N.B. VirtualAlloc is just a wrap up of the "VirtualAllocEx" function which is a wrap up of the ntdll "ZwAllocateVirtualMemory" function.

To test that fact, we will create a small application that does almost nothing but calling the "ZwAllocateVirtualMemory" function and printing the base address at which memory has been allocated.
The source code looks like below.

N.B. Even though the ASLR has nothing to do with randomizing the base address of memory returned by ZwAllocateVirtualMemory, we just set the "IMAGE_DLLCHARACTERISTICS_DYNAMIC_BASE" bit field for testing purposes.

Compile the above source code and run the application several times. See image below.

As you can see in the image above, the base address is the same (0x30000) across all instances of the process and this poses a security issue.

It seems that Microsoft has taken care of this issue while allocating stack memory for threads. Now in later versions of Windows e.g. Windows 7, the "RtlCreateUserStack" function which is responsible for reserving and committing the memory for threads is calling the "NtSetInformationProcess" function with a new information class to reserve the stack memory at a random address. The new process information class is ProcessThreadStackAllocation 0x29.

Now let's see how this new information class reserves memory.

Looking at the disassembly we can see that the function checks the "StackRandomizationDisabled" flag of the "_EPROCESS" structure. We can also see the function trying to randomize some variable by using the "SystemTime" field of the "SharedUserData" page, and the "RDTSC" instruction.

The function then calls the "MiScanUserAddressSpace" and "ZwAllocateVirtualMemory" functions to reserve memory at a random base address.

Now let's try to test the "ZwSetInformationProcess" function and see if addresses returned are really random. So, we compile the code in the image below and see.
N.B. Setting the "IMAGE_DLLCHARACTERISTICS_DYNAMIC_BASE" bit field is necessary for the "StackRandomizationDisabled" bit flag of the "_EPROCESS" structure to be unset.

As you can see in the two images above, in each time we invoked the application we got a random address for the memory allocated.

using the "ProcessThreadStackAllocation" class of the "ZwSetInformationProcess" function, we can guarantee a random address for memory we allocate which can be considered a security enhancement.

Code and examples for this post can be found here.

You can follow me on Twitter @waleedassar

Monday, January 14, 2013

Call64, Bypassing Wow64 Emulation Layer

In this post i will discuss a piece of code that i wrote to ease the process of issuing 64-bit system calls without passing through the Wow64 emulation layer implemented in Wow64cpu.dll, Wow64.dll, and Wow64win.dll.

I implemented it in a function called "Call64()". Since some arguments in 64-bit system calls are 64 bits long, the "Call64()" function expects its arguments in the form of pointers to LARGE_INTEGER structures. Also, the return value is in the form of a pointer to a LARGE_INTEGER structure.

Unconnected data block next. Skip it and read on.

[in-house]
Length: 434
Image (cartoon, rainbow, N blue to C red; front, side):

Let's take the implementation of this function step by step.

The first argument Call64 takes is a pointer to a LARGE_INTEGER structure which will receive the return value (RAX) of this system call. It is the caller's responsibility to allocate this structure. Also, it is the caller's responsibility to type-cast the value returned in it.

The second argument the function takes is the system call number or ordinal e.g. The "ZwWaitForSingleObject" function in Windows 7 has a system call number of 0x1.

This argument is later used to formulate the shellcode used to issue the 64-bit system call.

Since this function is supposed to make 64-bit system calls with different number of arguments, the function is implemented as variadic (A function with an indefinite number of arguments) with the third argument being the number of arguments the system call expects. The next arguments are all in the form of pointers to LARGE_INTEGER structures.

The function prototype is like below:

After we have looked at how the arguments look like, let's see how the function works.

First, given the number of arguments, it calculated the stack space needed and commits it using the "_alloca" function. The newly-allocated stack space is initialized to zero.

The function takes the first four arguments and stores them in RCX, RDX, R8, and R9 respectively. Extra arguments are stored on stack. Also, shadow space is taken care of.

Using the value of the 64-bit mode Code Segment selector, the function makes a Far Call to a 64-bit shellcode responsible for issuing the system call.

Suppose that we want to make a call to the "ZwClose" function using the "Call64" function, what you should do is allocate two LARGE_INTEGER structure, one to hold the value of the "Handle" parameter and the other to receive the return value (RAX). It looks like below.

Other example is the "ProcessConsoleHostProcess" class of the "ZwSetInformationProcess" function. If we trace into this call, we will find that the Wow64 emulation layer implemented in Wow64.dll prevents Wow64 processes from making such call and thus preventing them from changing their console host processes. See implementation of the "wow64!whNtSetInformationProcess" function.

The sole solution to this is to directly make the system call without passing through the Wow64 emulation layer. The call using the "Call64" function is like below.

N.B. You should bear in mind that some system calls expect pointer arguments to be aligned by 8 and this is why we should align them by using e.g. the "_aligned_malloc" function.

Source code and examples can be found here. The function has also been implemented in a Dynamic Link Library, you can find it and its header and .lib files here.

GitHub project from here.

Any comments, ideas, or bug reports are more than welcome.

You can follow me on Twitter @waleedassar